Friday, October 21, 2005

Airline CEOs Know Something You Don't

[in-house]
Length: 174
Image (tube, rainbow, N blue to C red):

By Allan Sloan Newsweek Oct. 17, 2005 issue - One reason flying can be such a drag is that sinking feeling you get when you start talking to your seatmate and discover that she paid much less for her ticket than you did. The trick, of course, is to have access to the best information. What's true for airline fares is also true for airline shares. And for airline pension funds, too, given what happens when an airline goes broke. Pension-fund information—and the lack of it—links Northwest Airlines chairman Gary Wilson and 9/11 widow Ellen Saracini, whose husband was a United Airlines pilot. Guess what? Wilson benefited by having access to all of Northwest's pension numbers, while Saracini paid a steep price for not having access to United's pension-fund numbers. Wilson is a frequent seller, unloading more than 85 percent of his Northwest stock this year as the airline spiraled toward bankruptcy. Total proceeds: $19.7 million, according to Thomson Financial. Throughout Northwest's descent, Wilson had access to an important number that wasn't publicly disclosed until Northwest filed for bankruptcy in mid-September and its stock became virtually worthless. To wit: the $5.7 billion shortfall in Northwest's pension fund, as calculated by federal pension insurers. That's half again as large as the $3.8 billion Northwest had reported in its most-recent financial filings. This difference really matters. The U.S. Pension Benefit Guaranty Corp.'s huge claim in the Northwest bankruptcy virtually ensures that stockholders—including buyers of Wilson's shares—will end up with nothing. It also means that many pension recipients and creditors will get far less than they expected. Northwest's numbers differ from the PBGC's because Northwest is allowed to assume that its pension funds will stay in business for decades. This produces a far lower pension-obligation number than the PBGC, which assumes the pension fund is terminating and finds out what an insurer would charge for annuities to cover its obligations. Northwest, like many other companies, has been filing a pension-termination number with the PBGC for years, as required by the laws covering pensions. Wilson, as a board member, had access to the number, which the PBGC is legally barred from disclosing to the public. Northwest could have disclosed it voluntarily. That would have given the buyers of Wilson's Northwest stock a level playing field and given employees and creditors information vital to their interests. But—like other companies in similar circumstances—Northwest didn't make the number public because it wasn't required to. All Northwest would say was that it and Wilson had done nothing illegal, and that Wilson wouldn't talk to me. Contrast Wilson with Saracini, whose husband was a pilot on doomed United Flight 175, which terrorists crashed into the World Trade Center's south tower. When the September 11 Victim Compensation Fund settled with Saracini, it subtracted the value of her husband's full United pension from her settlement, as its formula required. But Saracini won't get anything like a full pension because the shortfall in United's pension funds was so much greater than the company had disclosed. This wasn't clear until May, when the PBGC terminated United's pension funds and showed a $9.8 billion shortfall. United had been showing only a $6 billion shortfall. I can't tell you how much of a haircut Saracini got on her 9/11 settlement—she declined to tell me, and the fund isn't allowed to disclose it. But trust me, it's major money. Had the 9/11 fund known how much the pensions of Saracini and other United employees' survivors would shrink, they would doubtless have gotten larger settlements. "I've lost my husband's pension twice," Saracini told me. Pension legislation in the Senate would force all companies with below-investment-grade credit ratings, including Northwest, to publicly disclose the pension-termination numbers they send the PBGC. That seems only fair. Everyone should have access to these vital numbers—not just members of the platinum elite. © 2005 Newsweek, Inc.


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